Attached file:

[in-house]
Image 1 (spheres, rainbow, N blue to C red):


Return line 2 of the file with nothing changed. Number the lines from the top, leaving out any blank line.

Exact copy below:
Image 1 (spheres, rainbow, N blue to C red):